Wednesday, 15 December 2010

Frankie Rose and The Outs, Hawnay Troof at The Luminaire - December 14 2010

Frankie Rose and The Outs by Tim Griffin

The Luminaire shuts at the end of the year, so this is my last chance to savour the place. I’ve not been uncritical of the venue in the past, as I’ve always associated it with a frustratingly lax approach to band timings. However, I’m still sad to see it go. As a breathless and sweating Hawnay Troof exclaims later in the evening “Venue shuts, venue opens, it’s the circle of life!”

We start proceedings with Amelia Rivas and Christian Pinchbeck, who perform as Elephant. Amelia dabs at a keyboard, while Christian wrestles and frets away at a guitar. Theirs is a rather plaintive and melancholy sound, as desolate as an empty ballroom, but also somehow ineffably lost and sad.

Not a party band then.

We follow with the latest live incarnation of Alessio Natalizia, who works under the name of Banjo or Freakout. Tonight he is joined by two other musicians to form a fuzzy low-fi three piece unit who experiment with lengthy drum and guitar work outs. These jamming sessions are leavened by Natalizia’s quiet voice as he imposes structure and song craft over the din. I think that it works very well.

I’m particularly intrigued by the drummer, who watches his band leader like a wide-eyed hawk, apparently terrified of landing a beat out of place.

Vice Cooler aka Hawnay Troof is a man of the people. In fact tonight he is a man among the people, an army of one with a mission to get the party started and to get London to make some noise!!!

His is an exhausting non-stop power ball of a performance, leaping on and off the stage, executing full tilt forward rolls and getting the audience down on their knees. He does a fantastic job, as initially the crowd is too self conscious to do anything but look nervously at each other. By the end everyone is yelling and whooping on command and well warmed up for the main act.

I’m a big fan of Hawnay Troof and am delighted to see him in such surroundings. Last time our paths crossed, he was stuck on a big stage and unable to properly interact. But boy, does he work hard. If he keeps this up he’s going to end up very fit or very dead.

I’m also glad to see him, because it gives me an excuse to post this marvellously stupid video footage of him being humped by a bulldog while performing earlier this year.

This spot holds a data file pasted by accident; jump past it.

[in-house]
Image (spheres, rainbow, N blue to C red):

Hawnay is wearing the same costume tonight. Sadly, the dog could not make it.

Frankie Rose has spent time drumming in bands such as Vivian Girls, Crystal Stilts and Dum Dum Girls and it is not altogether surprising that she and her current band The Outs tread in similar territory.

It’s the final night of the tour and I can’t help but feel that the band are a bit frazzled, tired and just glad to bash out one last show so that they can get back home.

Not that Frankie and the rest of the gang aren’t having fun. They play a simple, stripped down take on classic Sixties girl groups, without as much of the amplified reverb employed by Frankie’s previous bands.

Frankie Rose herself is very nervous and anxious to please. She tells of how she was originally scared to come to the UK because she thought that we were fierce and unfriendly. However, on this tour she has been introduced to strange concepts such as the savoury pie and football and as a consequence feels a lot happier. I wonder if her unease is because in her own band she plays guitar and leads proceedings, whereas in the past she has been by necessity, stuck in the background.

Included in the set is a version of the Vivian Girls' “Where Do You Run To” and it rather unfortunately sounds better than the bands’ own material. That could be down to my own familiarity, of course.

The band finishes and I wave goodbye them. As I prepare to do the same to the venue, I’m slightly confounded that the evening has run like clockwork and has actually finished slightly ahead of time. Incredible! Well done, and good luck, Luminaire.

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